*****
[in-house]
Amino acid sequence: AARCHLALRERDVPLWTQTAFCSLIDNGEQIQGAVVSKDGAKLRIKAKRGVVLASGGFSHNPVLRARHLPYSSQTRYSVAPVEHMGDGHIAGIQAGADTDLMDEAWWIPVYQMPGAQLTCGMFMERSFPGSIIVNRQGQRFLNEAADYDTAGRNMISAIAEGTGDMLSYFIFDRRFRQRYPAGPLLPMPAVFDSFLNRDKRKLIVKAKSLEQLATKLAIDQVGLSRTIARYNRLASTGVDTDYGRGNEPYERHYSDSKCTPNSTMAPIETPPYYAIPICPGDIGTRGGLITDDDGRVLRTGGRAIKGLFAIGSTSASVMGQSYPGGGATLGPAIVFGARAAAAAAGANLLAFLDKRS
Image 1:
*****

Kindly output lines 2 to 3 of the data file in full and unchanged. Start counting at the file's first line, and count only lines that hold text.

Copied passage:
Amino acid sequence: AARCHLALRERDVPLWTQTAFCSLIDNGEQIQGAVVSKDGAKLRIKAKRGVVLASGGFSHNPVLRARHLPYSSQTRYSVAPVEHMGDGHIAGIQAGADTDLMDEAWWIPVYQMPGAQLTCGMFMERSFPGSIIVNRQGQRFLNEAADYDTAGRNMISAIAEGTGDMLSYFIFDRRFRQRYPAGPLLPMPAVFDSFLNRDKRKLIVKAKSLEQLATKLAIDQVGLSRTIARYNRLASTGVDTDYGRGNEPYERHYSDSKCTPNSTMAPIETPPYYAIPICPGDIGTRGGLITDDDGRVLRTGGRAIKGLFAIGSTSASVMGQSYPGGGATLGPAIVFGARAAAAAAGANLLAFLDKRS
Image 1: